Foreign producers and exporters who receive a de minimis dumping margin (2% or less) in a Canadian antidumping case are now being excluded from final injury orders (that is, final orders for the imposition of antidumping duties). What this means is that any foreign producer or exporter who priced at undumped levels (above domestic selling prices and above cost of production + GSA + reasonable profit) should fully participate in the Canada Border Services Agency (“CBSA”) preliminary determination of dumping and final determination of dumping processes. Foreign producers and exporters can be rewarded for completing the CBSA’s Exporter Request for Information and answering all supplemental requests for information (and permitting an on-site verification). A 0% dumping margin and exclusion from a final order can mean continued business with Canadian importers and likely new customers in Canada. In other words, participating in a CBSA dumping investigation can open new doors for business is goods where properly priced during the period of investigation. All that is needed is hard work proving to the CBSA that the goods were priced properly and in accordance with antidumping laws.
The Canadian International Trade Tribunal (the “CITT”) recently excluded three exporters from final antidumping orders based on their receipt of de minimis dumping margins calculated by the CBSA. The exporters participated fully in the CBSA process and acheived good results. In Certain Concrete Reinforcing Bar, NQ-2016-003, the CITT made the following Finding:
“…[t]he Canadian International Trade Tribunal hereby finds, pursuant to subsection 43(1) of the Special Import Measures Act, that the dumping of the above-mentioned goods originating in or exported from the Republic of Belarus, Chinese Taipei (excluding those goods exported by Feng Hsin Steel Co., Ltd.), the Hong Kong Special Administrative Region of the People’s Republic of China, Japan, the Portuguese Republic and the Kingdom of Spain has caused injury to the domestic industry.”
In Certain Fabricated Industrial Steel Components, NQ-2016-004, the CITT made the following Finding:
“…[t]he Canadian International Trade Tribunal hereby finds, pursuant to subsection 43(1) of the Special Import Measures Act, that the dumping of the above-mentioned goods originating in or exported from the People’s Republic of China, the Republic of Korea (excluding those goods exported by Hanmaek Heavy Industries Co., Ltd.) and the Kingdom of Spain (excluding those goods exported by Cintasa, S.A.), and the subsidizing of the above-mentioned goods from the People’s Republic of China, have caused injury to the domestic industry.”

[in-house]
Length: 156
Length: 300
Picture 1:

Feng Hsin Steel Co., Ltd., and Cintasa S.A. received a 0% dumping margin during the CBSA dumping investigations. In the spirit of full disclosure, we acted for Cintasa S.A.. Hanmaek Heavy Industries Co., Ltd. received a de minimis dumping margin during the CBSA dumping investigation.
In the CITT Reasons in Certain Concrete Reinforcing Bar, the Tribunal used its discretionary authority in subsection 43(1) of the Special Import Measures Act (“SIMA”) to grant the exclusion. The Tribunal stated:
“In the past, the Tribunal has refused to grant producer exclusions for non-dumping exporters solely on the basis that this would allow the exporter a “license to dump” in the future. However, the recent WTO decision in Canada-Welded Pipe concluded that, inter alia, article 5.8 of the Anti-dumping Agreement required the termination of an investigation in respect of exporters with individual de minimis margins of dumping. …
In the present case, the Tribunal’s finding that the dumping of the subject goods has caused injury to the domestic industry cannot include the subject goods exported by Feng Hsin given that it has been found to have not been dumping by the CBSA. In such circumstances, the WTO Anti-dumping Agreement requires termination in relation to Feng Hsin.
Accordingly, in these circumstances, the Tribunal finds it appropriate to exercise discretion to effectively terminate the present proceedings with respect to Feng Hsin’s goods …”
The CITT will issue Reasons in Certain Fabricated Industrial Steel Components on June 9, 2017 and it is expected that similar language will be provided in respect of the exporter exclusions granted for Cintasa S.A. and Hanmaek Heavy Industries Co. Ltd.,
It is important to note that in the 2017 Federal Budget, the Government of Canada announced changes to SIMA so that the CBSA would terminate antidumping proceedings against exporters who achieve 0% or de minimis dumping margins during the investigation. Legislative provisions have been included in Bill C-44 “An Act to implement certain provisions of the budget tabled in Parliament on March 22, 2017 and other measures” (known as “Budget Implementation Act, 2017, No. 1″). The amendments to SIMA are in sections 68 – 102 of Bill C-44. The amendments granting the President of the CBSA power to terminate a proceeding are at section 79:
- Top 10 Mistakes Made By Exporters When Completing Antidumping Requests For Information
- Top 10 Mistakes Made By Foreign Producers/Exporters When Completing CBSA Subsidy RFIs
- CBSA Has Revised The D-Memorandum on the Antidumping/Countervailing Duty Re-Determination Process
- Who is the Exporter For SIMA Purposes?